Old Advice in New Circumstances


Photo by “Thought Catolog” via Unsplash.

This post was written by Jonathan Diaz, a first-year PhD student in the English Department.

Friends, writing is difficult under the best circumstances, and these are not the best circumstances. Covid-19 has changed the way we go about so many of our daily activities, and writing is definitely one of them, even if it’s easier to do while observing safety precautions than grabbing a meal with friends or gathering in class.

It’s occurred to me that one of the challenges of writing in less-than-ideal circumstances is that the advice that has worked for us in the past doesn’t seem to work anymore. You may have developed a strong set of writing skills during your academic career, only to find that they are no longer effective when you’re writing under greater stress or with less time in your day.

This doesn’t mean the advice was bad, but rather, that we need to learn to apply that advice more thoroughly. In order to help you navigate writing in the time of Corona, I’m going to discuss two pieces of writing advice you’ve probably heard before: read your prompt and make an outline. However, I’m going to look at ways that advice can be more useful to you than ever before.


While it can be easy to think of a prompt as just a starting point, it’s more accurate to think of it as a roadmap to a successful piece of writing. Many times, an instructor will give you much more than a single question to answer or a topic to explore. They might give you necessary context for the subject, remind you of core concepts, suggest resources, or point out errors you should avoid. They are describing everything you should know in order to craft an excellent assignment.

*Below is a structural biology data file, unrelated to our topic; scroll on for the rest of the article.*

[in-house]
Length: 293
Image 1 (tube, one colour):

• Look for Imperative Verbs

Helpfully, they will also frequently give you direct instructions. It’s worth taking note of any time your prompt begins a sentence with an imperative verb: a word that tells you to do something. Instructors often use words like “explain,” “demonstrate,” “establish,” and “explore” to signal tasks they would like you to accomplish in your piece of writing.

  • Notice Your Instructor’s Priorities

It may help to remember that the assignment prompt is itself a piece of writing, something that your instructor thought about, planned, and then committed to paper—or, more likely, pdf. In any event, they set out to communicate something to you, emphasizing their main ideas in many of the same ways you do. Maybe they used formal elements like underlining, bullet points, or text boxes. They might have devoted an entire paragraph to talk about formatting, or maybe they just referred you to a style guide. If you attend carefully to these decisions, you can see what is most important to your instructor; and, as a result, what should be important to you as you write.


Outlines are possibly the most widely used planning tool students use when approaching an assignment. It’s not hard to see why: outlines help you start thinking about your ideas and how they will fit together within a structure. Crucially, they can give you sense of how much information you will be able to fit within the set length of the assignment. They’re a great example of what’s often called prewriting: any work you do on a writing project before creating a draft.

  • Move Past Simple Descriptions